Barnes’ formula is tried and tested

30th June 2021

By David Brasch

DENNIS and Ann Barnes have been in greyhound racing together for 48 years and in that time have left their mark on the breeding industry to the stage the ‘Fancy’ and ‘Nangar’ lines are almost as well known as ‘Bale’.

Dennis got interested in greyhound racing after meeting Ann the daughter of Bill and Peg Miller who were ‘good breeders’ of a greyhound. They taught him the basics and from then on he and Ann have perfected the business.

The Cudal education track they and their family have run for decades is among the best in the business.

So, with that in mind, I thought it best to give Dennis a voice on breeding and rearing the greyhound.

“Rearing is everything,” Dennis told Chase Newspaper. “I have three rules. Number one is their breeding, number two is the rearing, and number three is what they are fed.

“In that order.”

Dennis says rearing starts from the moment the pups are born.

“They get into an acre paddock very early on in their life,” he said. “From three to four months we move them up to have access to a 10-acre paddock every single day.

“Big paddocks are the secret to rearing properly,” he says. “We have lots of room here so we have a number of paddocks to cater for our pups. All of them have got dams.

“Our pups are handled every single day and every day they go out into the 10-acre paddock, sometimes we will leave them out in the paddock all day, but generally it is for a couple of hours at least.”

Feeding is beef and kibble, lots of milk … and that’s all.

“We get all our own beef, some from local farmers and it is the best quality we can get,” he said. “We feed stews three times a week. But the secret to rearing is LOTS of running.”

Decades ago, Dennis realised he needed to tap into a productive damline to give he and Ann their best opportunity of success.

“I’d broken in some of Bruce Gay’s dogs and found him to be a champion bloke,” said Dennis. “And he had a very good damline. His bitch Gay’s Fancy had been mated to Irish stud dog Barneys Alarm and Bruce said I could buy some.

“It was the first time that damline had been outcrossed.”

Gay’s Fancy (West Cape-Fancy You) was a high class race bitch, a finalist in the St Leger, Vic Peters and Young Star Classic.

“I bought a dog and two bitches,” said Dennis. “The dog won a couple in Sydney, one of the bitches would not chase at all, but the other one Miss Fancy, she was a magnificent looking bitch at 30 kilos, beautiful conformation and she started us off.

“She won five in Sydney, probably the best of those in 30.40, but she was a good chaser and could win coming from behind.”

It is that statement about chase that Dennis says is imperative in breeding … despite there always being exceptions to every rule.

“My criteria for using a broodbitch is to get a fast bitch from an established damline,” he said.

“But, I have a story about Fancy Jaffa (Collision-Flash Fancy). She was a very fast bitch who could trial 30.60 on the old Richmond track, but she would not go in a field.

“I sold her with her new owners knowing exactly what she was like. But, remember, she could run very fast even if it was only on her own. She became the dam of such great dogs as Burn One Down, Buck Forty, Zulu Zeus, Zulu Zircon.”

Dennis says his number one criteria for breeding with a female is that she must be able to run.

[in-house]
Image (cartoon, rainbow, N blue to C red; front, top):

“That might mean she can run 29.50 at Dubbo in top grade,” he said.

He says choosing a stud dog is just about the same.

“I look for a stud dog that comes from a very good damline,” he said. “In fact, I want it to be a damline that is even better than my own.

“I also look for a very fast dog, more of a Harold Park, one-turn track dog. In the Harold Park days, the best from that track always became the best stud dogs. Greats like Black Top, Brother Fox and the likes were all great at Harold Park.

“Those big one-turn tracks, like they have in Victoria, allow the very best dogs to come through and win.”

He says he is never influenced by what is breaking in good, or bad, at his Cudal track. “So much depends on what people have done with their pups leading to the education process,” he said.

“I put a lot of work into breeding our pups.

“I am also a great believer in outcrossing to reinvigorate a damline. Paul Wheeler has had a lot of success doing this. But, normally I will wait to see an outcross sire is proven in this country.”

Dennis is adamant the success of any litter is 50-50 sire and dam.

“When we first bred with Miss Fancy, we put her to Worthy Reward and I don’t think they ever won a race. I was ready to jump off The Gap. But her litters from then on all worked out fine.

“We have had a lot of success with Collision, and everyone knows Go Wild Teddy puts in the chase.

“Barcia Bale and Fernando Bale are great sires. No one can doubt that.”

When selecting his bitches to breed with, Dennis generally sticks with the ‘good, strong sprinters’.

His advice for anyone wanting to develop their own successful damline is to not try to breed such a damline, but tap into already successful lines.

“It can take far too long to breed your own lines,” he said. “It is much easier to tap into a damline that is already proven.”

And he has some thoughts on the temperament of the bitches he wants to use.

“The best producers are the best mothers to their pups,” he said. “The ones that are not motherly, will push away their pups, don’t make a lot of milk … their pups often do not turn out.

“Yappy bitches will produce yappy pups. Bitches that are a bit mad, over the top, will produce the same in their pups.

“The good and great broodbitches have the best nature.”

It is words of wisdom that have stood Dennis and Ann Barnes in good stead in almost 50 years in the greyhound industry.